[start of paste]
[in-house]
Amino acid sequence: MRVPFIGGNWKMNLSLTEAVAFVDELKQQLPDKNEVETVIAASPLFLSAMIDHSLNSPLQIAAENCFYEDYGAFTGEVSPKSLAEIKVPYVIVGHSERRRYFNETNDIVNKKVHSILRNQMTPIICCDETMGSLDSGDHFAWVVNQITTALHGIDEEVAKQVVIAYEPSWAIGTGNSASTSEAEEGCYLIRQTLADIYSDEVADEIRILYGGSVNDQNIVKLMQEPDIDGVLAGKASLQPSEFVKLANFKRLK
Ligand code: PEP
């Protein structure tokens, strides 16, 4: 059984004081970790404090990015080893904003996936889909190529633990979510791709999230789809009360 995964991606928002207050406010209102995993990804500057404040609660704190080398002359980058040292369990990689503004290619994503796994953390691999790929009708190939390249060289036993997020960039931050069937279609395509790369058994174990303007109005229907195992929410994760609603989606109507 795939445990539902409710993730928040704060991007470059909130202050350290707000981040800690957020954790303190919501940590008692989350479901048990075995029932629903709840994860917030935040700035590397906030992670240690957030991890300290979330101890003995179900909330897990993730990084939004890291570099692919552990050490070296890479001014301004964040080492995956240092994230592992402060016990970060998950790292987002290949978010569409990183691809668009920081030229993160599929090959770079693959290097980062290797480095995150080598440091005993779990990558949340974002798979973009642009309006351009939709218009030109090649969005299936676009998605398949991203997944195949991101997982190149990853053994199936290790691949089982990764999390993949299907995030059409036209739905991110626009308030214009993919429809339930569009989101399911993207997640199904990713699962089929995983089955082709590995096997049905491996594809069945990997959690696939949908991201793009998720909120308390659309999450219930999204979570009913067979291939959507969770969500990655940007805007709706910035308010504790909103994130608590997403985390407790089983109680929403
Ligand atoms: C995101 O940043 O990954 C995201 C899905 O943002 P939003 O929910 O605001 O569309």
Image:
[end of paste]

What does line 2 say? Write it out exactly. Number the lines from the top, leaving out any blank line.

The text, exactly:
Amino acid sequence: MRVPFIGGNWKMNLSLTEAVAFVDELKQQLPDKNEVETVIAASPLFLSAMIDHSLNSPLQIAAENCFYEDYGAFTGEVSPKSLAEIKVPYVIVGHSERRRYFNETNDIVNKKVHSILRNQMTPIICCDETMGSLDSGDHFAWVVNQITTALHGIDEEVAKQVVIAYEPSWAIGTGNSASTSEAEEGCYLIRQTLADIYSDEVADEIRILYGGSVNDQNIVKLMQEPDIDGVLAGKASLQPSEFVKLANFKRLK